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The Tik Tok Effect: How Popular Social Media Brands Translate to IRL Traffic

Caroline Wu
Dec 16, 2022
The Tik Tok Effect:  How Popular Social Media Brands Translate to IRL Traffic

Gen Z accounted for a big push in in-store shopping this holiday season.  They went out in groups and enjoyed the experiential aspect of physical stores.  We took a look at visitation trends for some of the top brands trending on TikTok to see how they’ve fared this year (below).

Alo opened numerous new stores in 2021/2022 and saw strong growth up til the summer, where it plateaued a bit.  However, it saw a huge surge in November, with a bump from Singles Day Promotions Nov. 7-11, and a spike on Black Friday (below).

Levi’s--a name we've analyzed in the past--has been firing on all cylinders, even through some of the inflationary impacts that negatively impacted consumer discretionary spending.  It is showing impressive YoY growth, without a negative month in the past 12 months in the retail stores we measure.

Levi’s has also been successful in attracting a wealthier and more educated customer base.

While social media is indeed powerful and gets a lot of press, one thing to keep in mind is that social media appeal has to also be taken in the context of a given trade area’s segment demographics and spending patterns.  Alfred Coffee is one brand that has taken social media by storm.  Let’s see what happens when the Peet’s Coffee by UCLA gets rebranded to Alfred.  An initial guess might be that an Alfred’s that appeals to Gen Z in a college town is a match made in heaven.  But upon closer inspection, we see that a brand with elevated price points in a more mixed economic environment may attract a smaller proportion of the potential customers in an area and lose out on traffic volume.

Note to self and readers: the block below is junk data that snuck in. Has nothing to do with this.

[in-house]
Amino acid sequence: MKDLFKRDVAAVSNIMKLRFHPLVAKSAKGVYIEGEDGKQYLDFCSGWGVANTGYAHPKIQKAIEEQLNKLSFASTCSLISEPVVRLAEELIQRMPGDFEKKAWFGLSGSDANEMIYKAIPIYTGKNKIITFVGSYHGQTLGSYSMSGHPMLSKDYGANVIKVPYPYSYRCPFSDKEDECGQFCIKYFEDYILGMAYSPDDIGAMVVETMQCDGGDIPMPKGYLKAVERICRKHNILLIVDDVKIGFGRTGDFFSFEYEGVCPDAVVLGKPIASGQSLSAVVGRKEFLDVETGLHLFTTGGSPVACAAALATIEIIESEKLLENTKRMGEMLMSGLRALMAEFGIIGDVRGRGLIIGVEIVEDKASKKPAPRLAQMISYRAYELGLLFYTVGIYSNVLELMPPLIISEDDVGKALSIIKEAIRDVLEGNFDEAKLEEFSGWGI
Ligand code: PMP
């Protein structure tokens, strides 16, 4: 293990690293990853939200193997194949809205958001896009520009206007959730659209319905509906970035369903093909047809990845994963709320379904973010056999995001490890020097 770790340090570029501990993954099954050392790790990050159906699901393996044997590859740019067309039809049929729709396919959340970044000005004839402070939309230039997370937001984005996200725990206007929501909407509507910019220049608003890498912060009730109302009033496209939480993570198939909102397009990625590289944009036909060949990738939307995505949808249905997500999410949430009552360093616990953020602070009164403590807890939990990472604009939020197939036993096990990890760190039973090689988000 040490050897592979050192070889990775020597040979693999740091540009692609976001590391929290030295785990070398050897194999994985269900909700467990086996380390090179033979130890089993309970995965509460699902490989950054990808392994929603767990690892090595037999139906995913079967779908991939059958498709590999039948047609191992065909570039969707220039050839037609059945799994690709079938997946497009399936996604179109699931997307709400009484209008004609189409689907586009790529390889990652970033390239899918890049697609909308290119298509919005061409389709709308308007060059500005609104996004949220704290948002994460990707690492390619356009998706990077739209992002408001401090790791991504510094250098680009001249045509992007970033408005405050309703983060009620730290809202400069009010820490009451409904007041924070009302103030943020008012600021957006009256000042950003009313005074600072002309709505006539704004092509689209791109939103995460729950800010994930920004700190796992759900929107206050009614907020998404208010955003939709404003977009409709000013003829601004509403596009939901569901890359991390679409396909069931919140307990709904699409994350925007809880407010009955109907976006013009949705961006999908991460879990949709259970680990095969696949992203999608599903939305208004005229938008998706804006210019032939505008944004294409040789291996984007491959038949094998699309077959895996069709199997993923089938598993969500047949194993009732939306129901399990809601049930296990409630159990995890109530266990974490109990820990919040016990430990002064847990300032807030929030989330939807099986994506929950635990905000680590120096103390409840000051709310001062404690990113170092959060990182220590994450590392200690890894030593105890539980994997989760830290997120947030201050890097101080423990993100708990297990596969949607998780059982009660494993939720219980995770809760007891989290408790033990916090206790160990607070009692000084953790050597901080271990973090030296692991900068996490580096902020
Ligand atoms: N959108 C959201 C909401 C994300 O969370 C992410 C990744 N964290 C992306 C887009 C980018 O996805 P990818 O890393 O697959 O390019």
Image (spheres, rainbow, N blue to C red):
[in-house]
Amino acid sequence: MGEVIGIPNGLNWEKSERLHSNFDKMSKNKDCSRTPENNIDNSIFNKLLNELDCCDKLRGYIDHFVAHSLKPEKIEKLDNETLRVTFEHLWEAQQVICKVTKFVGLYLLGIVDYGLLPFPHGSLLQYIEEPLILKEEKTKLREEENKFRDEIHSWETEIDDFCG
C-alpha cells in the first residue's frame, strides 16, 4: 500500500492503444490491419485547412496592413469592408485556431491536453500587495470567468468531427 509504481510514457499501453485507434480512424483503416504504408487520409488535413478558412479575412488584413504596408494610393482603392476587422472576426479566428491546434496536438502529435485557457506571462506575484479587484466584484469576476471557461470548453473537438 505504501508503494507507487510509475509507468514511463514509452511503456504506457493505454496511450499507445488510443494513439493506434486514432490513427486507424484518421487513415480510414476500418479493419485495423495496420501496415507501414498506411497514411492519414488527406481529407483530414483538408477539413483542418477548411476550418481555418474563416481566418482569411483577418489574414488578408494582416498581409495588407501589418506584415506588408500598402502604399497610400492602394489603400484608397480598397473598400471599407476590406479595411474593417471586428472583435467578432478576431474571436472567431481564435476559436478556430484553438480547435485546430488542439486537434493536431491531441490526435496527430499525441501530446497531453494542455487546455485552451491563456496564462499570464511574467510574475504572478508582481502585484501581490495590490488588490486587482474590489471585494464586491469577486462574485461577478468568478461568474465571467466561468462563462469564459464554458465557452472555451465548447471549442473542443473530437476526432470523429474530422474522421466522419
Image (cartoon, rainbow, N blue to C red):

Peet’s Coffee was a Westwood Village stalwart and was open up until the end of 2020.  Meanwhile, Alfred opened May 23, 2021.  We looked at Alfred for the most recent 6 months and Peet’s in the same exact location 3 years prior.  Although both are coffee shops, traffic to Peet’s was 2.5x higher during a similar 6-month period.

What’s happening here?  Ultimately, it could come down to the fact that while Alfred over-indexes among a segment such as Ultra Wealthy families (index 116 compared to 97 for Peet’s, according to PersonaLive data), Peet’s had more universal appeal and attracted a much higher volume of customers across different segments. Peet’s drew twice the volume among Educated Urbanites and Sunset Boomers.  Peet’s also appealed to Urban Low Income and Lower Hispanic Families, whereas Alfred under-indexes for those groups.

Another reason for Alfred’s lower volume compared to Peet’s may be due to the opening of Aussie coffee chain Bluestone Lane in Aug 2021 which attracts similar segments to Alfred with similar beverage price points.

Since Alfred and Bluestone attract a similar customer profile, they may be splitting the traffic volume, whereas before Peet’s had those customers to themselves.

What we are ultimately seeing is some of that coffee volume has been shifting to 7-Eleven. Traffic to a nearby 7-Eleven has been steadily increasing, even in the midst of COVID.

7-Eleven is also picking up volume from segments such as Lower Hispanic Families and Near Urban Diverse Families (based on PersonaLive profiles).

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Caroline Wu

Director of Research,

Caroline brings expertise in retail, CRE, entertainment, media, CPG, and tourism, and specializes in synthesizing broad datasets into actionable recommendations for growth. She has worked as the US Director of Consumer Insights at Unibail-Rodamco-Westfield, VP of Retail Insights and Intelligence at Omnicom, and Senior Director at Kantar. Caroline holds an MA in Sociology from Stanford University and a BA in International Relations from Stanford University.

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